Happy 4th of July!
I bet you never thought you'd see Bigfoot on here, but think about it: before Bigfoot, putting gigantic tires on your off-road truck was something that only a few thought of doing. Re-engineering the truck to handle punishment before off-road suppliers had started engineering and selling parts was a significant obstacle as well, and should be applauded.
In fact, Bob and Marilyn Chandler started their own company, Midwest Four Wheel Drive and Performance Center, in order to support what Bob wanted to do…which was to drive the most bad-ass truck on the planet.
This truck is, in some small way, Genesis for many off-road enthusiasts who grew up watching Bigfoot crush cars. What many don't know is that the first Bigfoot was actually quite a novel invention. When you're the first monster truck, well, you're not going to have an easy time buying suspension parts, brakes, wheels, tires, and all that—so you better get used to fabricating.
The most novel thing about Bigfoot—and the feature all monster trucks have to this day—is its rear wheel steering, said to have been added after Chandler heard that the U.S. Army was considering adding the feature to its off-road vehicles. It offered an amazing amount of maneuverability essential for the tight confines of the mud pits, fairgrounds, tractor pulls, and the other events the Chandlers took the truck to.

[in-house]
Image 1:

On the outside, the truck was fitted with a number of accessories available at Midwest Four Wheel Drive and Performance Center, and as a rolling billboard, it's difficult to top Bigfoot. Chandler was also the first to publicly crush a car with Bigfoot. (Kids, this was pre-YouTube. The clip was recorded and then played on a VHS tape—on a loop—in the Chandlers' shop.)
What powered it?
A massive, modified, and alcohol-burning 10.48-litre (640 cu.in.) in Ford V8—when the wheels and tires weigh something like 317 kg (700 lbs) for each corner, power is important. Tires? On the first Bigfoot, they're from fertilizer spreaders. Oh yes.
The Wall Street Journal interviewed Chandler earlier this year (2015 is the 40th anniversary of Bigfoot and, by extension, monster trucks), and quoted him as saying, "I was never satisfied. I always wanted it bigger—tires, axles, engine. Then one day a promoter from Chicago asked if we’d attend an event at Soldier Field. He said, “I’ll pay you.” I’m thinking: “I can get paid to do this?” From that point on, a new motor sport blossomed—racing huge trucks and driving them over cars. At one show, the announcer used the term monster truck and the term stuck."
On this 4th of July, I ask you: is there anything more American than Bigfoot? Or, more to the point: is there anything more American than a guy who used mechanical ingenuity to build a complex vehicle able to drive over any obstacle?
I say: no, there is nothing more American.
While I may personally take exception at people using Ford F-150 SVT Raptors to haul air on their morning commutes, starting an entire movement because other off-road enthusiasts wanted to make their trucks as bad-ass as Bigfoot is a pretty special thing. Seeing a lifted truck on the road is commonplace now, but in the late '70s, there was nothing like Bigfoot out there.
Today, channel your inner Bob Chandler and ask, "What can I do that's bad-ass?"
Then go do it—maybe you'll start something.